Almost Human Review 1×11 “Disrupt”
Without a doubt, watching Kennex and Stahl playing cyber-hacker dress up was fun! Seriously, they looked so Matrix-y, I was waiting for Lawrence Fishburne to come out with for red or blue pills! Dorian's storyline of dealing with his insecurities, and invasion of privacy. The more he gets to respond as a human and less an MX, the more I think we'll get into the drama of his future as a cop.
I wasn’t in love with how the story was paced, it felt disjointed at parts. Sometimes, even a little, anti-climatic. The one element that kept my attention as Dorian’s story, and although I liked the current Crime of the Week, it didn’t blow me away. There’s also no real feeling of continuity with the previous episodes. Some references to past circumstances like Stahl’s chrome DNA, or even Dr. Nigel Vaughn (John Larroquette) potential part to play with Dorian’s mysterious memories. I mean if someone as brilliant as Vaughn can create a DRN, couldn’t he have as easily embedded those memories? It’s a tease, but at least give some kind of connectivity to the series’ history. It keeps it interesting.
Safety Not Guaranteed
Within the world of FOX’s futuristic series Almost Human there’s often a sense of awe when seeing how technology plays an astounding role in the everyday lives of its citizens. This week, “Disrupt” introduces viewers to “safe homes” where home security is ensured remotely, on standby, through a business corporation. It’s a subject one can say is almost readily available; hell there are phone apps that allow you turn on and off your appliances while you’re on vacation! Well, let’s just say it doesn’t end too well, and our favorite law enforcement team is one the case.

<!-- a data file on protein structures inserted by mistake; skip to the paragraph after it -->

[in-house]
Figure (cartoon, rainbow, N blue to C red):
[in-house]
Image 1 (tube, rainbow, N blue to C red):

One of the significant plot points in “Disrupt” is Dorian’s (Michael Ealy) growing storyline in forming relationships with humans. We open the scene with Rudy (Mackenzie Crook) doing a little bit of a clean-up with Dorian’s circuitry. It seems pretty routine until we realize Dorian has no idea this is going on. It sparks the debate about privacy, and although Detective Kennex (Karl Urban) tries to reassure Dorian it doesn’t seem to work.
Kennex: “Don’t you think you’re overreacting? You know, if I woke up in the morning and someone had given me a clean shave, I’d be happy.”
Dorian: “So, if I shaved you while you were unconscious, that would make you happy?”
Up until now, Dorian has limited interaction with humans over the years, since his growing partnership with Kennex we see how deep Dorian is starting to assimilate among humans. What I loved from this scene is getting insight into how Dorian is changing his perspective with his role in society. For the past several episodes, Dorian expressed concern over being treated like a “thing” which is unfeeling and cold. As he mentioned in the pilot episode he “feels” as deeply as a human. And isn’t this what the series is about? Exploring the elements and characteristics which make us human?
We also discover during Rudy’s sweep of Dorian’s core processor that there are embedded memories, human memories, which are extremely unusual for a synthetic DRN model. It signals what could potentially be damaging for Dorian’s future. Will these memories be the first sign Dorian may develop a glitch?
Dorian: “We are friends, you don’t have to keep things from me.”